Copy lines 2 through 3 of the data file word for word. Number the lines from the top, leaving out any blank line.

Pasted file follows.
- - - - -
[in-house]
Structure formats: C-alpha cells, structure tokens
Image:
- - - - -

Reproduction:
Structure formats: C-alpha cells, structure tokens
Image: